Pedroia has settled into his usual offseason routine. Wednesday it included the usual weight lifting and a visit to his Arizona home’s batting cage to continue his hitting (which he has been participating in since just before Christmas).

This time, the day also included a trip to the store to buy his 5-year-old, Dylan, catchers gear. (“This guy rakes,” Pedroia said of his oldest son’s hitting skills.)

“Every day of my life is pretty good,” he explained.

These days, in this offseason, seem a bit better than years past if no other reason than Pedroia feels back to normal. After undergoing surgery on his left wrist in September, he has given himself enough healing time to hit the ground running come mid-February for the first time in the past few years.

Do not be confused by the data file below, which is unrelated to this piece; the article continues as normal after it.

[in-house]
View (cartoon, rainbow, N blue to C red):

With hand, wrist and foot injuries, Pedroia’s offseasons have been uneven of late. Last year, the Sox’s World Series run, coupled with thumb surgery and early-season injury, had the infielder playing catch-up until ultimately shutting down his season with a month to go.

“It’€™s been a while,” said Pedroia of having a semi-normal offseason. “You go through times you have some injuries, have to have some surgeries, things like that. You just have to prepare the best you can. When we won the World Series I had surgery and there’€™s time you have to rest and recover, so I got a late start and it caught up with me. Now I’€™m full steam ahead. I’€™m ready, I feel strong and there’€™s nothing I’€™ll be thinking about when I get on the field other than winning games.